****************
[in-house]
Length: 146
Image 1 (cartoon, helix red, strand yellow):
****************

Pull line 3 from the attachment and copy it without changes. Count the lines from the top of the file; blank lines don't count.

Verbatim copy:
Image 1 (cartoon, helix red, strand yellow):